Locals may have heard that the Environmental Protection Agency (EPA) has recently proposed the addition of 1,055 water quality limited stream segments to Oregon’s 303(d) list, including five waterways in the Hood River Basin.
What is the 303(d) list?
Under section 303(d) of the Clean Water Act, states are required to submit lists of impaired waters to EPA every two years. These are waters that do not meet water quality standards for a particular parameter (ie: temperature, pesticides, etc.). In Oregon, the Department of Environmental Quality (DEQ) develops and updates this list.
Based on the data collected by DEQ staff, their partners, and volunteers, EPA has proposed adding listings for the Hood River and some of its tributaries including Odell, Lenz, Neal and Indian creeks to the 303(d) list. Many of these streams have been previously listed for other impairments. The majority of newly proposed listings are for legacy pesticides like DDT or their breakdown products. Although DDT and other legacy pesticides have not been used for many years, they are still found in the soils of many current or former orchards. When any soil disturbance occurs, whether through new development, farming practices, or even cleaning roadside ditches, these soil-bound chemicals can run off into our streams.
So what does this mean for the Hood River?
While having five streams proposed for new pesticide listings is concerning, understanding the history of pesticide monitoring in the Hood River Basin may provide some helpful context to this issue.
Since 1999, DEQ has been using a voluntary a collaborative approach called the Pesticide Stewardship Partnership (PSP) to reduce pesticide levels in waterways. The Hood River Basin was one of the first PSPs established in the state to determine whether currently used pesticides were detectable in local surface waters at concentrations of concern. Initial data showed repeated detections of several pesticides at levels above state water quality standards.
Local partners, including the Columbia Gorge Fruit Growers and the Oregon State University Extension Service used the water quality data and local expertise to help pesticide users implement best management practices to reduce the risk of drift, runoff, and leaching of pesticides into area waterways. Within a few years, substantial improvements in water quality were seen associated with these changes in pesticide management practices, and in most cases pesticide levels dropped below state standards.
Since that time, the partners involved in the PSP has expanded to include the Confederated Tribes of the Warm Springs Reservation, Oregon Department of Agriculture, Oregon DEQ, Hood River Watershed Group, Hood River Soil & Water Conservation District, OSU Extension Service, the Columbia Gorge Fruit Growers, and others. PSP partners meet annually to review results, refine the program, and identify new management approaches for continuing to reduce pesticide levels in local streams.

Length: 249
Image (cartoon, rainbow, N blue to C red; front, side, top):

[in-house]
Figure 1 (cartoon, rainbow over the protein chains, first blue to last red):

Cooperative efforts by local land managers have continued to result in improved water quality. Out of the hundreds of PSP samples collected in the Hood River Watershed over the past five years, there have only been five detections of current use pesticides have exceeded the EPA benchmarks or standards. Although Clean Water Act standards don’t exist for the vast majority of current use pesticides, partners in the watershed have worked proactively to reduce impacts of all current use pesticides. As new potential concerns are identified, the partnership continues to educate and implement programs to reduce impacts to our local waterways.
Why the new listings?
With all the progress and partnerships made over the years, why is EPA proposing all of these new listings for impairments in area streams? There are two main reasons: 1) The PSP efforts have resulted in the collection of a large amount of data in the Hood. Additionally, a toxics study done in 2012 provided new data on legacy pesticides found in stream sediments. There are new sample sites and new data to be considered by DEQ and EPA every two years. 2) New tools and analysis techniques have become available in recent years allowing for the detection of some pesticides that were not able to be detected before. The DEQ laboratory has increased the number of pesticides and breakdown products it analyzes from 15 to over 130 since the PSP was established.
The first step is to get informed. If you are interested in learning more about EPA’s proposed listings, DEQ’s 303(d) listing process, and Hood River’s PSP program, contact the Greg Svelund at (541) 633-2008 or email@example.com.
Landowners can do their part to minimize pesticide pollution by: 1) applying, storing, and disposing of pesticides according to the label, 2) using pesticides as part of a multi-pronged approach to pest control, with pesticide usage as a last resort, 3) using the least-toxic pesticide possible to address the problem, and 4) maintain healthy vegetation corridors along streams and ditches on your property to help filter out any chemical laden runoff.
For more information about the PSP and its activities, see the Oregon DEQ webpage at www.oregon.gov/deq/wq/programs/Pages/Pesticide.aspx.
EPA is accepting public comment on their proposed listings. The comment period closes April 3, 2017.